Even though the Exp. 1 equations were considered valid for the SB probe, the two experiments were combined to improve the predictive ability of the probe. The regression equation for predicting TSP tenderness from the total energy variable of the SB probe alone had an R2 of only 0.37, which increased to 0.50 with the addition of L* values to the model. The SB probe and L* equation was correct in its classification of 35 of 40 (87.5%) loins as tender and 10 of 13 (76.9%) as tough (Figure 1b).
The squared term of the PB probe total energy variable and L* accounted for 47% of the variability in TSP tenderness when the data from the two experiments were combined. Of the 45 loins the PB and L* equation predicted to be tender, 36 (80%) were actually tender, and 6 of the 8 (75%) loins predicted to be tough were actually tough (Figure 1c).
Warner-Bratzler Shear Force.
A regression equation from the combined experiments to predict TSP tenderness from WBSF resulted in an R2 of 0.58. The WBSF equation predicted 38 loins to be tender and 32 (84.2%) were actually tender, and the WBSF equation predicted 15 loins to be tough, but only 9 (60%) were actually tough (Figure 1d).
In the current study, measurements made in a perpendicular orientation were not related to trained sensory panel tenderness. George et al. (1997) studied the Tendertec beef-grading instrument, which also measured tenderness perpendicular to the length of the LM, and found no relationship between Tendertec output variables and TSP tenderness scores or WBSF. A later study by Belk et al. (2001) found low correlations of Tendertec with TSP and WBSF. To assess LM tenderness in an orientation perpendicular to the length of the muscle, the epimysium must be removed or the probe must penetrate through the epimysial connective tissue before it begins taking measurements. It is difficult to remove the outer connective tissue in its entirety, and small pieces of connective tissue remaining on the strip loin may affect probe measurements. Removal of the epimysium and the oval shape of the muscle create an uneven surface on which to initiate penetration. In the case of the needle probes, the uneven shape of the muscle sometimes resulted in not having all needles in contact with the muscle at the time the Instron began taking measurements. The entire width of the blade probes was sometimes not completely flush with the uneven muscle; therefore, the Instron began recording energy measurements when the probe was not entirely in the muscle.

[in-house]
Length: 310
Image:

In general, measurements taken in the parallel orientation were more consistent in predicting TSP tenderness than the perpendicular orientation. Many researchers have measured tenderness parallel to the long axis of the LM with mixed results (Hansen, 1972; Jeremiah and Phillips, 2000; Timm et al., 2003). The surface of the LM is exposed during the grading process, and no obstruction is present to hinder parallel measurements. However, the muscle fibers in the LM are neither parallel nor perpendicular to the length of the loin; consequently, tenderness is evaluated at varying angles to the fiber direction when the parallel orientation is used.